By CAROLINE KAUFMAN
June 2, 2015—The relationship between women and the labor force is filled with complexities and contradictions that are far too easily glossed over. For example, paid employment outside the home promotes women’s economic empowerment, but this same work can also decrease their standing among friends and peers. How then, can women be expected to respond when a job opportunity presents itself?
Professor Naila Kabeer of the London School of Economics and Political Science recently shed light on these complexities. Speaking at the World Bank on “Culture, Economics, and Women’s Engagement with the Labor Market,” she urged her audience to consider the many variables that affect a woman’s decision whether to engage in paid, formal employment. Kabeer focused her talk on Bangladesh, her native country, where progress toward gender equality has long been uneven.
A woman’s decision to work in formal employment is influenced by cultural norms, economic calculus (how much money a family has or needs), geographic location, education level, number of children, and marital status, to name only a few factors, Kabeer said. Here, though, is the biggest takeaway: As it turns out, many Bangladeshi women do not want to work outside the home. Rather, according to surveys Kabeer conducted, they would prefer to work within the home, even if this means forgoing the possibility of earning money independently.
This phenomenon might help explain the disparate progress toward gender equality in Bangladesh, and certainly elsewhere. Bangladeshi women have advanced significantly on the social front in recent years, illustrated by falling birth rates and maternal mortality rates. However, women’s economic progress has been far slower. Not only has female participation in the formal labor force remained low compared with male participation—women make up only 40 percent of the total Bangladeshi labor force—but the country has also witnessed what Kabeer says is an “inexplicable rise” in the percentage of women working in unpaid family labor.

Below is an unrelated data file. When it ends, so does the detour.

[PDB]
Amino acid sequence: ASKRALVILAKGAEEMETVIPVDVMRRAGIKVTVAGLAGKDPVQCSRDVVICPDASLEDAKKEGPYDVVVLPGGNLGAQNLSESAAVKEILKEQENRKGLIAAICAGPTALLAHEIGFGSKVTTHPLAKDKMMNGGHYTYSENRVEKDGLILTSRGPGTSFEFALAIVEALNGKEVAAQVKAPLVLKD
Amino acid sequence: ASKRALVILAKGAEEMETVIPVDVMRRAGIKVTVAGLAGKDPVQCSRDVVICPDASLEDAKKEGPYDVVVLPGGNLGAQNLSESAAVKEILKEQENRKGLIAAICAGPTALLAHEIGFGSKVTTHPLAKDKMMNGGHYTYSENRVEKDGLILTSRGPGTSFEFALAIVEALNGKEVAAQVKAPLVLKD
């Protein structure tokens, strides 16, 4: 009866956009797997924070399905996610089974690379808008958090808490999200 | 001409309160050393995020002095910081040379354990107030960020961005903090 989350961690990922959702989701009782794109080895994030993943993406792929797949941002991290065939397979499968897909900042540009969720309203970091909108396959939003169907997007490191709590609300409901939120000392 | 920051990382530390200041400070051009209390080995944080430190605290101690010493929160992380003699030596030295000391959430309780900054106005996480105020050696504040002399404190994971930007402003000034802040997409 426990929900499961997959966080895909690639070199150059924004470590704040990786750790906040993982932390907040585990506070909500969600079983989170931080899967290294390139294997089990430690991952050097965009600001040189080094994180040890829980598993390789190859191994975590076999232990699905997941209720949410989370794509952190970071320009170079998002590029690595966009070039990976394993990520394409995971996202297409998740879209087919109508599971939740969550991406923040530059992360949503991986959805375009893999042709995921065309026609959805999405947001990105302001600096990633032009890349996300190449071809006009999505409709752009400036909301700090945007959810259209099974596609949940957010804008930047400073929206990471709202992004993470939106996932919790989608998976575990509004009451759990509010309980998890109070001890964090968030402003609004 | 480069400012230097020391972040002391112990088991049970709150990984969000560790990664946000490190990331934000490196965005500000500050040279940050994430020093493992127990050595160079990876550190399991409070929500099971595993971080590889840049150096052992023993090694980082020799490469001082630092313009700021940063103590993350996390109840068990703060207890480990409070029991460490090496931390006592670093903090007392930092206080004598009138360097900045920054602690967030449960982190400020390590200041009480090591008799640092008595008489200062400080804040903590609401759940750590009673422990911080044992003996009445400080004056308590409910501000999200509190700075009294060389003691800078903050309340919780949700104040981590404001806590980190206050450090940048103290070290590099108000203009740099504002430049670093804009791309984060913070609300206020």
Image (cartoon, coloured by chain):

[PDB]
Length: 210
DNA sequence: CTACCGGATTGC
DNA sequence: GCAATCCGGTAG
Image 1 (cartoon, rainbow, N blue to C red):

For many women, it appears that the opportunity for greater economic independence is simply not worth the hardship of working outside the home. Women who work outside the home frequently must endure sexual harassment and physical violence, poor and even dangerous working conditions that threaten health and safety, and extended time away from family. Adding insult, working outside the home often isolates a woman from her friends, family and neighbors. That isolation decreases her economic and social empowerment.
Economic firms, take note: The continuously low female labor force participation rates in developing countries are not due solely to a lack of jobs available to women. Rather, they are also due largely to a stated preference of women to work in informal jobs in or near home: tutoring, tailoring, farming, for example. In our attempts to spark gender-inclusive growth worldwide, it is critical that we, as economic development professionals, heed the complexities.
Caroline Kaufman joined Nathan Associates in February 2015 as a program assistant. She has contributed to studies of the livelihoods of female refugees, and studies of development issues and gender. Caroline has a B.A. in international relations and development economics from Tufts University.